2011-08-29 "Kansas Fighting Disclosure of Who Helped Write Abortion Restrictions" by Jessica P.
As part of a crusade to made abortion legal-in-name-only, the Kansas legislature issued a host of new, mandatory restrictive guidelines that all clinics providing abortion services must follow and then gave clinics just a few weeks to comply or lose their licensing. Abortion rights advocates challenged the new restrictions right away and the state of Kansas is fighting back-hard [http://www.kansascity.com/2011/08/27/3104463/kansas-balks-at-disclosing-how.html#ixzz1WKxq4SJN].
Kansas is so intent in outlawing abortion entirely that it is willing to battle over commonplace legislative history requests. Lawyers for the Kansas Department of Health and Environment and the attorney general want to prevent two abortion clinics from learning how those rules were crafted and have asked a judge to limit the scope of what information is shared with the clinic’s lawyers.
The discovery dispute is framed at challenging “overly broad” requests for information that the state argues will not lead to relevant evidence. The state has also denied open records requests from both The Kansas City Star and The Associated Press, which asked for similar documents related to the drafting of these rules.
Abortion providers want the opportunity to question Kansas Attorney General Derek Schmidt and Secretary of Health and Environment Robert Moser about the new rules, including what steps were taken in developing them and who was involved in researching and writing them. They are also asking for records related to meetings and communications between the governor’s office and anti-choice groups Kansans for Life and Operation Rescue.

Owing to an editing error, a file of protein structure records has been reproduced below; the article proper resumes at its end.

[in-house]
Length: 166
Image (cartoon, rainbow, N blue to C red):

The state is arguing that legislative immunity protects them from disclosing this information in the context of litigation but have yet to provide a justification for denying the open records request.
Discovery objections are commonplace and typically used in conjunction with a disclosure of information — a party will object to a request to preserve the objection for trial while simultaneously providing the information requested. That is because the standard for what is discoverable in the context of litigation is extremely broad. Here the state’s position is unusually aggressive, suggesting the requests are likely to lead to some damaging information for the state.
The anti-abortion tactics already drew scrutiny when it was disclosed that the state had hired lawyers tied to the infamous Koch Brothers to defend its plan to strip Planned Parenthood of funding, which of course just begs the question of what, or who, is the state trying to hide?